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EU citizens to take #DeniedMyVote case to High Court

Campaigners with the3million outside court fighting the #DeniedMyVote court case. - Credit: Contributed

A group of EU citizens living in the UK who were prevented from voting in the 2019 European Parliament elections because of onerous registration requirements is preparing to take the government to court.

The3million, which campaigns for an estimated three million EU citizens living in the UK, has taken legal action against the Cabinet Office after complaining that people were told voting forms had been “lost” and were unfairly turned away from polling stations on May 23 2019.

Campaign leaders say an Electoral Commission report suggested that more than a million people who had registered to vote did not exercise their rights.

Two judges sitting in London are due to begin considering arguments at a High Court hearing, with the hearing due to last two days.

Campaigners want Lord Justice Lewis and Mr Justice Supperstone to rule that EU citizens were disenfranchised because of the way the election was conducted.

They say voting rights were breached and voting registration requirements were “onerous”.

Lawyers representing the Cabinet Office dispute the group’s claims.

“The case concerns the events of May 2019 when, despite being registered to vote here and, in many cases, resident for decades, EU citizens were turned away from polling stations in large numbers and told they could not vote in the European Parliament elections,” said a spokesman for law firm Bindmans, which is representing the3million.

“The numbers affected were huge. The Electoral Commission’s special report into what happened suggests that there were well over a million who had registered to vote but did not exercise their rights.”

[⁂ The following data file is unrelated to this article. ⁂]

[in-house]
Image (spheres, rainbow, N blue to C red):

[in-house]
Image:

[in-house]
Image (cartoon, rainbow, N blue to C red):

The spokesman said many people had completed special forms to certify that they intended to vote but were told the forms had been “lost” or “not processed in time”.

“This was no accident,” he said.

“The government had decided not to formally confirm that the elections would be taking place until May 7 – the very same day when EU citizens were legally required to return their forms.”

Solicitor John Halford said: “We want a declaration that the way the election was conducted disenfranchised EU citizens and breached people’s voting rights.”

A spokeswoman for the3million said the case was important.

“The hard-won right to vote is fundamental in every democracy,” she said.

“We must make sure that this right cannot be unlawfully taken away or undermined by undue obstacles.”

A Cabinet Office spokesman said: “We put in place all the necessary legislation and funding to enable returning officers to make their preparations for the polls in May 2019 and there was a higher turnout than in the previous European election.”